Although Greece does not recognize Kosovo’s independence, political, economic and cultural exchanges with Greece are greater than with the majority of EU members that have recognized it, Kosovo’s Deputy Prime Minister Besnik Bislimi said in an interview to Euractiv, adding that Pristina knows what it will take for Athens to move forward with its recognition.

Kosovo’s deputy prime minister also spoke about the rise of the right in the EU and the US, saying that Kosovo is not worried as the country’s relations with its allies are stronger than politicians or changes brought about by elections.

Kosovo applied to join the EU in December 2022 and is hoping for progress during Belgium’s 2023 Presidency of the European Council, after the Presidency of Spain, another state that does not recognize it, ends on December 31.

Bislimi said there had not been “as much progress as we hoped under the Spanish presidency” but that “there are hopes” that the application will move from the Council to the Commission, under the Belgian presidency, which will start on January 1.

Asked if the Kosovo government had concerns about the Hungarian presidency because of its proximity to Serbia and Russia, both of which oppose Kosovo’s independence, he said flatly that there were none.

This is due to local and international diplomatic support and strong ties between the two countries in many fields.

As it stands, Kosovo’s EU membership will be blocked by the non-recognition of Spain, Slovakia, Cyprus, Greece and Romania, each with different reservations, mainly due to territorial or independence disputes.

However, in the last year, bilateral relations with Greece have become increasingly stronger. Greece has an UNMIK-accredited Liaison Office in Pristina (United Nations Interim Administration Mission in Kosovo), while the Economic and Commercial Affairs Office of Kosovo operates in Athens. In 2021, it was upgraded to an Office of Interest, and while it cannot fly the Kosovo flag from outside, it can issue visas. Athens also recognizes passports issued by Kosovo, a step that other countries that do not recognize its independence have not yet taken.

In addition, this year in March, the then Greek Minister of Foreign Affairs, Nikos Dendias, visited Kosovo for the sixth time, meeting the Kosovar president Viosa Osmani.

Asked if Greece could be the first to cross the line in terms of recognition, Bislimi said: “We understand that the five EU countries that do not recognize us have five specific situations within them and that’s why they don’t we can use the same drug or the same approach for all of them.”

“The situation with Greece is special because we have more exchanges, political, economic and cultural with Greece than with most of the EU members who have recognized Kosovo,” said the deputy prime minister.

Bislimi noted that there is no foreign minister in Europe who has visited Kosovo more often than the one from Greece.

He also clarified that Kosovo knows very well what it will take for Greece to take the next step and recognize its independence.

The deputy prime minister also said that when the EU proposed the basic agreement to normalize relations in Pristina, it was done on the condition that it would resolve 99% of the outstanding issues and “the main result was supposed to be the removal of this obstacle, which comes from the five who do not recognize it.’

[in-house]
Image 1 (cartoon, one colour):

However, Bislimi stated that their recognition should not be an “outcome” of the normalization process with Serbia, but an “input”.

“If you maintain progress with the non-recognisers as a result of the process, you make progress impossible and it will be unreasonable for Serbia to be constructive in the dialogue if it knows that this will come at a high cost to it.”

Bislimi was clear that high-level diplomatic efforts are continuing between Kosovo, those that recognize it and those that do not, but that the least expected move is for Serbia to take that step, as outlined in various EU agreements.

“If Serbia recognizes Kosovo passports, Spain cannot say ‘no, we don’t want to recognize Kosovo passports.’ If Serbia says, I will sign an agreement where Kosovo and Serbia recognize each other as two equal parties, Slovakia cannot say no,” he said.

No worries about a possible Trump return

With the European elections in 2024, the rise of the right across the continent and a possible Trump victory in the US, Bislimi is not worried.

At the European level, he said that Kosovo would cooperate with the governments chosen by the citizens of each country and that any distinction between left and right would be “disastrous”.

Regarding US policy, Bislimi said the approach to Kosovo “is not necessarily a product of individual preferences, it is deeply rooted in US history and cannot be changed”.

In a recent TV interview, however, Serbian President Aleksandar Vucic said he was waiting for Trump’s return to create a favorable situation in the Western Balkans and for Serbia. He said Azerbaijan had “waited 27 years” for such a situation to take back Nagorno-Karabakh, adding that Serbia must “survive” until the 2024 elections.

Believing that politicians come and go but the basic approach remains the same, he conceded that some individuals, such as former Trump-era US envoy to Kosovo Richard Grenell, can cause damage.

Grenell, who recently came under fire for falsely accusing a Kosovo woman who was raped by Serbian troops as a child, has been ostracized in diplomatic circles and accused of colonialism. However, he continues to be highly critical of Kosovo and its government, leading to perceptions that he is a Serbian lobbyist or that he favors Belgrade.

But despite the damage these people can cause, “it does not affect the long-term alliance between Kosovo and the US.”

“The US remains the strongest partner we have internationally and that will not change with the next election,” Bislimi concluded.